January 30, 2019 / 2:34 AM / 5 months ago

OECD urges Australia to step up carbon emissions cuts

MELBOURNE (Reuters) - Australia needs to cut carbon emissions more sharply to meet its 2030 Paris Climate accord target, the OECD warned on Wednesday, contradicting claims by the country’s conservative government that the goal will be easily met.

FILE PHOTO - Vapour pours from a steel mill chimney in the industrial town of Port Kembla, about 80 km (50 miles) south of Sydney July 7, 2011. REUTERS/Tim Wimborne/File Photo

Despite rapidly growing use of wind and solar power, Australia remains heavily dependent on coal and natural gas for energy, while emissions from the transport sector are growing.

That will make it tough for Australia, one of the 10 worst greenhouse gas emitters in the Organisation for Economic Cooperation and Development, to cut total greenhouse gas emissions by 26 percent to 28 percent from 2005 levels by 2030, as promised under the Paris agreement.

“Australia needs to intensify mitigation efforts to reach its Paris Agreement goal: emissions are projected to increase by 2030,” the OECD said in a review of Australia’s environmental performance.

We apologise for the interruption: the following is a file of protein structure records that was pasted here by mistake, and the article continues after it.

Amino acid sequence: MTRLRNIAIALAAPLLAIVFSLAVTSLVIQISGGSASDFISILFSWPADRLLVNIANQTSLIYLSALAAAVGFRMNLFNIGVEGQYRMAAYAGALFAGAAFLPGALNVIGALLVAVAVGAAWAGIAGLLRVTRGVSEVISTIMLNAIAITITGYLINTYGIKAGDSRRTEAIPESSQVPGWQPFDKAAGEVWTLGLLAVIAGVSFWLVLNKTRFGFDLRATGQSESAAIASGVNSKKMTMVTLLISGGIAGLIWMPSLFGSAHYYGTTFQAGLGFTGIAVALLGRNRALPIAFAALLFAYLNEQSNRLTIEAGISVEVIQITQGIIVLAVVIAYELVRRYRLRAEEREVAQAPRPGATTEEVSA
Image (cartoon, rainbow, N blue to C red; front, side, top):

The report shows Australia’s greenhouse gas emissions are set to rise slightly from current levels to 570 million tonnes (Mt) of carbon dioxide equivalent, well above its commitment to cut emissions to between 430 Mt and 442 Mt.

(GRAPHIC: Australia's greenhouse gas emissions projections to 2030 - tmsnrt.rs/2HzCfhg)

“Adopting an integrated energy and climate policy framework for 2030 with an emission reduction goal for the power sector would avoid the projected rise in GHG emissions,” OECD Secretary-General Angel Gurria said in the report.

The power sector is the country’s biggest single polluter, accounting for a third of greenhouse gas emissions.

The report comes five months after the right wing of the Liberal-National coalition government forced the ditching of a long-awaited comprehensive energy policy and ousted former prime minister Malcolm Turnbull.

His successor, Scott Morrison, scrapped the effort to craft an integrated energy and climate policy to focus only on driving down power and gas prices.

Under pressure to do more from opposition Labor, the Greens and the country’s Pacific island neighbors, which face the threat of rising sea levels from global warming, Morrison has repeatedly said Australia will easily meet its climate accord target, as it has with the previous Kyoto accords.

“This is an ambitious target but ... as indeed I have said on many occasions, we will meet our 2030 targets at a canter,” Morrison said on a visit to Fiji earlier in January.

The OECD urged Canberra to set an emission reduction goal for the power sector, use energy taxes and road pricing to better reflect the climate costs of fuel use, and increase investment in rail and public transport.

Reporting by Sonali Paul; editing by Richard Pullin

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